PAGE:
From the hotel's huge terrace, the view is spectacular over the 3 Valleys and the ski area of the highest resort in Europe. Also impressive from the entrance, the reception platform and the monumental staircase spread over two floors.

When Setam, owner of the ski lifts, approached them about this futuristic project, Jocelyne and Jean-Louis Sibuet could only take up the challenge. Their children, Nicolas, a former competitive skier, and Marie, who has made well-being her priority, participated in the work. Each of them put their own touch and this avant-garde living space bears the signature of the four of them. Like the Fermes de Marie in Megève twenty years ago, this "ski-palace" is shaking up routines to be in line with the desires of the time.

From the outset, the building was designed to incorporate state-of-the-art technology and digital weaponry. The ecological approach also imposed certain choices: no balconies at the windows to optimize insulation, evidence of solar panels... "The carcass was defined," explains Nicolas Sibuet, "but we made it evolve with Studio. Arch, the Val Thorens architectural firm, contributed our know-how." Certain noble surfaces have been increased, materials of predilection recommended-mineral stone, granite, also light wood in all its forms, from walls to ceilings, from tables to chairs. In the 88 rooms-including 16 suites, the generous volumes have been resized to the skier's needs. Priority is given to the comfort of the sportsman. And if nature and its elements remain the main source of inspiration for the place, its style has been adapted to the spirit of the resort and its treeless outlook.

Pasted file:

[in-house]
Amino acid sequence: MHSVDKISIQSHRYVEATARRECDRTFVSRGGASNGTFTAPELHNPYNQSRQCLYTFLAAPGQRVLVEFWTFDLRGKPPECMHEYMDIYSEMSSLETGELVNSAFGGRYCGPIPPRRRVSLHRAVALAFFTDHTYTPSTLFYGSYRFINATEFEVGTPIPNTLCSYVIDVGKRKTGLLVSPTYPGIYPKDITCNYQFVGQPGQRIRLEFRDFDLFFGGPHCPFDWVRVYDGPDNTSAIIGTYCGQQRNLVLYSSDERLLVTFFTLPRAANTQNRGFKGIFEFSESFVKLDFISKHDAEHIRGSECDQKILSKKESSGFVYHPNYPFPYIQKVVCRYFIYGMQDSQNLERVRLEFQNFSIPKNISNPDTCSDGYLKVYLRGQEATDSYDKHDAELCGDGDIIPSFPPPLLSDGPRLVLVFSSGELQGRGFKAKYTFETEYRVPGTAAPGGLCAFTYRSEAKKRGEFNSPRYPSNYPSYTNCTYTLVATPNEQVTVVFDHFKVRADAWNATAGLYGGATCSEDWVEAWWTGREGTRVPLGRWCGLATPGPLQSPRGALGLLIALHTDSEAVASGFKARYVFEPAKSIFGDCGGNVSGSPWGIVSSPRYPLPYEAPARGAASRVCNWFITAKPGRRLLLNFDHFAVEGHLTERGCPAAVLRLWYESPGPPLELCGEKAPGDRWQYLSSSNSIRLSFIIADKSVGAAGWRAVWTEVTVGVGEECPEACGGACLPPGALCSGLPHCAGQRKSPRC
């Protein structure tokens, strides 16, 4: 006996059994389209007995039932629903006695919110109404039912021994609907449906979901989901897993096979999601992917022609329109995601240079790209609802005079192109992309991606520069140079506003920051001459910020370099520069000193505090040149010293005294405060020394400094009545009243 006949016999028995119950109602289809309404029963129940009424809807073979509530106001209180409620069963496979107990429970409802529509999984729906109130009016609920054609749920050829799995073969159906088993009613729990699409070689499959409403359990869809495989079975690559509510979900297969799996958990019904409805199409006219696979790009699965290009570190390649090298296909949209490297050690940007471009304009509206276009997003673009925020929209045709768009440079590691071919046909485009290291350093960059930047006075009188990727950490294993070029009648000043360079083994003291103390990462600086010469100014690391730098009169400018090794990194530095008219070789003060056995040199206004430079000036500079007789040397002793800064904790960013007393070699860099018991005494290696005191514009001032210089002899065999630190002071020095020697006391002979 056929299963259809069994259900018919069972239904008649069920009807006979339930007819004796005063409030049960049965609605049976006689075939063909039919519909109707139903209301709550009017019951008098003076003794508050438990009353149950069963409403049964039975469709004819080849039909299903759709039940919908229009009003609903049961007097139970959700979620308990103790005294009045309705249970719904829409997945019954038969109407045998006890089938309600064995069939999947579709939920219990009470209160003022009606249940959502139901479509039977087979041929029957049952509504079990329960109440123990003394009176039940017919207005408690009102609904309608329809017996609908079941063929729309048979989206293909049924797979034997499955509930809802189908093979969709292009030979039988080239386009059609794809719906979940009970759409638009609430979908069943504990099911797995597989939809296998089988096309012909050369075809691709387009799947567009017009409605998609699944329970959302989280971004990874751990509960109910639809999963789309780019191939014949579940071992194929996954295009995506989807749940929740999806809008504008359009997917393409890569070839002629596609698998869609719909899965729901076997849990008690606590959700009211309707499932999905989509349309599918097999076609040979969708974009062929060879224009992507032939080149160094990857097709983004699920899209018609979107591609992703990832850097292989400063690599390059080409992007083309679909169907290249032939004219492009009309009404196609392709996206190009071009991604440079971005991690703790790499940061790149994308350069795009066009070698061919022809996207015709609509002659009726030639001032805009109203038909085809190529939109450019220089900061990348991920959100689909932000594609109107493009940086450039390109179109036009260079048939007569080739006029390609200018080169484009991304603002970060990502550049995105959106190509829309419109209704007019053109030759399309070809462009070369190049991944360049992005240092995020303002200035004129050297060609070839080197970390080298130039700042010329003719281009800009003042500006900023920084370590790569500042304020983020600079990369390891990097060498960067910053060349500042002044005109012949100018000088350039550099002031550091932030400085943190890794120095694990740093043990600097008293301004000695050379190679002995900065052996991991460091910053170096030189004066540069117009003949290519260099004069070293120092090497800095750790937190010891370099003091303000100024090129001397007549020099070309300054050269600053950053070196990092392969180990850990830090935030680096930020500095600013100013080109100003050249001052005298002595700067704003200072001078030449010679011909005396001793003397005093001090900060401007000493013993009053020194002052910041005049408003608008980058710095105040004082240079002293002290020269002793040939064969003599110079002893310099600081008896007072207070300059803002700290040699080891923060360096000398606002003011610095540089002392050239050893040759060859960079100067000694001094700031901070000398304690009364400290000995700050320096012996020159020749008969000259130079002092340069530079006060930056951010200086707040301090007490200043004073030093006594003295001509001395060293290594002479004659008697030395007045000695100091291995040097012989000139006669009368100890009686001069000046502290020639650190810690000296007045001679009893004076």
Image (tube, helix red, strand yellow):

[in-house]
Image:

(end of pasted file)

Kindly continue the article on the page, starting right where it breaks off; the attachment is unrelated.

The vast multi-sensory spaces, which house common areas and lounges, herald colour. Nordic influence, pure lines, a strong tribute to some Scandinavian masters or to Charlotte Perriand, Jean Prouvé, Henri-Jacques Le Même... We find the essentials that make up the Sibuet touch: the nobility of the raw materials, the richness of the textiles and the colour palettes, as shown here by the diversity of the tweeds. The furniture was designed by Nicolas and Jean-Louis Sibuet. "It was difficult to find elements adapted to our needs; we had to have custom-made furniture made in the same spirit but all different." Nicolas and Jean-Louis even found a use for the carpenter's "negatives of the cuts": every little scrap of wood was recovered to become paving stone, brick or tile.

The three restaurants each have a well-defined visual identity. Light wood and white monochrome for the La Laiterie restaurant, a more sophisticated style for the Enfants Terribles, a comfortable and functional atmosphere for the Deux Mille Trois. The spa is part of a resolutely sporty approach, with an energetic programme and rituals inspired by Nordic traditions, from the resting igloo to the crushed ice fountain for the after-sauna... Well-being never loses its rights.